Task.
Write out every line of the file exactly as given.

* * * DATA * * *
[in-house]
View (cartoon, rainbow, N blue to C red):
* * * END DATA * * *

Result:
[in-house]
View (cartoon, rainbow, N blue to C red):